Speckled Peter Adult Caddisfly (Helicopsyche borealis)
The egg laying activity is the part of the hatch cycle that we think is most
important to imitate. You can easily see these caddisflies appear late in the
afternoons near the banks in large numbers.

The females deposit their eggs both on the surface and on the bottom. We have
not tried a wet imitation of them although we think it may well be effective. We
have been able to catch trout late in the afternoons and early evenings on our
"Perfect Fly" dry imitation of them.

Normally we fish in an upstream direction placing the fly close to the banks. This
isn't the best way if the water is very smooth and the trout are easy to spook near
the banks. In those cases, a down and across presentation works best.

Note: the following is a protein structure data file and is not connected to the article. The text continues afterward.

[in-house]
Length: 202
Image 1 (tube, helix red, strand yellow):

It is best to watch the water for rises from trout. If they just swirl, most likely they
are taking the emerging pupae. They may possibly be eating the adults returning
from the bottom where they have dived and deposited their eggs. Even if the
caddisflies are doing that, they have to return to the surface at some point. They
cannot immediately fly away. It takes a few seconds for them to get their wings
dry before they depart the surface. For that reason, we only use the dry fly.
Copyright 2009 James Marsh
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